curtilage

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curtilage

The ground adjacent to a dwelling and appertaining to it, as a yard, garden, or court.
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6) A property owner cannot add to the constitutional protection of an open field or change its character to that of curtilage by posting "No Trespassing" signs at its boundaries.
If an officer trespasses onto another's curtilage, that trespass would be a search if it was in an area of the curtilage where the owner has a reasonable expectation of privacy.
Because curtilage is given Fourth Amendment protection, and in all federal and most state cases an open field is not, it is important to know where the curtilage ends and the open field begins.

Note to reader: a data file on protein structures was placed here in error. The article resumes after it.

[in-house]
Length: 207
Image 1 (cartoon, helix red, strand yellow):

Supreme Court has described the curtilage as "the area to which extends the intimate activity associated with the 'sanctity of a man's home and the privacies of life.
The Dunn Court ruled that the barn was not within the curtilage of the house.
Second, the area surveilled was an industrial complex that fell "somewhere between |open fields' and curtilage.
Searches of structures or of curtilage by law enforcement authorities for criminal evidence must be performed upon a search warrant, based on probable cause and issued by a judicial officer.
This statutory scheme, requiring a warrant for searches of structures, and of the curtilage of the home, but not for outdoor areas, is consistent with the approach taken by other countries.
170 (1984), which distinguished between a fenced, posted field, which did not require a warrant to search, and a residence or curtilage, which did.